Here’s an excerpt from Chapter 1 of Lily’s new book, a steamy Regency novella featuring a compromising situation that leads to a fake engagement and a second chance at love for the Duke of Warbury and his childhood sweetheart, Philippa.
A sea of voices and music washed over him as Dominic and Lord Avedon entered the house. Silver needles of pain stabbed Dominic’s leg with every step as he limped through the grand entrance hall.
He paused in the ballroom’s doorway, bracing himself against the din of conversation and music. He scanned the room, looking for familiar faces among the swirl of gauzy ballgowns and glittering jewels.
He hadn’t attended a ball in years. The gaiety and frivolity of the ton went against his grain.
Avedon clapped his hand on Dominic’s shoulder. “Steady on, old man. You’ll get used to it.”
It was the same thing Dominic had told Avedon before his friend’s first naval engagement.
Dominic nodded. Taking a fortifying breath, he limped forward.
The ball’s Master of Ceremonies spotted him. “His Grace, the Duke of Warbury! And the Most Honorable Geoffrey, Marquess of Avedon.”
Everyone turned to stare at them. A wave of bows and curtsies rippled through the crowd.
He gave the assembled company a curt nod of acknowledgement and forced a smile, hoping it reached his eyes.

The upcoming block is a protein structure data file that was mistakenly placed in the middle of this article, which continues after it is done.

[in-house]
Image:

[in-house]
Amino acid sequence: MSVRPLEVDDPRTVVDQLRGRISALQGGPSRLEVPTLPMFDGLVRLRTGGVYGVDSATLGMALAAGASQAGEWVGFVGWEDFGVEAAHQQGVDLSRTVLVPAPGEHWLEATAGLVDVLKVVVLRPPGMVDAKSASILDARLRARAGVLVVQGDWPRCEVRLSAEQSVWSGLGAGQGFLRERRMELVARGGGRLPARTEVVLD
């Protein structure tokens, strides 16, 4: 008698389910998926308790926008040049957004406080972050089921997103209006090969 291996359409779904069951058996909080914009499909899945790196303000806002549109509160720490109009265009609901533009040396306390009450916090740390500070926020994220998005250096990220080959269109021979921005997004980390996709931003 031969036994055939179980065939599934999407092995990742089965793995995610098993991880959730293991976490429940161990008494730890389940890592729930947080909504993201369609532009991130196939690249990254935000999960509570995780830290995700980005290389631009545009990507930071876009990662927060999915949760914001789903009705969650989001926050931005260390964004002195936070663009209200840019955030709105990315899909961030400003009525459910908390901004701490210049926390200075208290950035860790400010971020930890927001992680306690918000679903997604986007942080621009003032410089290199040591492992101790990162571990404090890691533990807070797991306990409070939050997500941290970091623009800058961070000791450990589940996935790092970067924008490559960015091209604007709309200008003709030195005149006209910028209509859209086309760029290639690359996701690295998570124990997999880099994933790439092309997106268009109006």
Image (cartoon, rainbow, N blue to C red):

Dominic finally caught sight of his mother. Tonight, the duchess wore a magnificent silk half-mourning gown with a ruffled hem.
Murmurs of “It’s the new Duke!” and “Warbury has finally come!” followed him as he moved stiffly toward her.
His walking-stick, more than mere accessory, beat out a steady rhythm on the ballroom’s waxed parquet floor.
“Dominic!” Mother swept forward in a cloud of expensive rose scent and black-dyed ostrich plumes. “You’re late, my darling! I feare that you were going to leave me in the lurch!”
He gave her a stiff bow. “My most sincere apologies, Mother. The roads were dreadful as always and the axle broke on the carriage. We had to stop at an inn for several hours while it was fixed.”
“Well, you are here now, and that’s all that matters, I suppose.” Mouth pursed in disapproval, she surveyed his clothing.
Dominic said nothing. He’d put his time at the inn to good use, changing into his new suit and allowing the local barber to shave him and dress his hair. He knew his clothes were perfectly appropriate for the occasion, if not quite the height of male fashion.
Not for him the frilled shirts and other fripperies of a London dandy. He was a navy man and a country gentleman, by God!
“Mother, have you met my good friend, the Marquess of Avedon?” he asked. “Avedon, may I present the Duchess of Warbury?
Then Dominic glimpsed a familiar face surrounded by chestnut curls in the crowd of guests.
Philippa. Here. In my house. His heart stumbled, then thudded into a gallop.
She looked even lovelier than she had ten years ago. After everything that had happened since then, he had not expected Mother to invite their former neighbor.
Back then, as the daughter of a penniless country vicar, Philippa had worn simple gowns, many of them hand-me-downs from her mother.
Tonight, she looked like a dream in a blue robe over a white silk slip trimmed with lace at neckline and hem. Tall white ostrich feathers fastened to a wide blue bandeau set over her hair waved gently like pennants.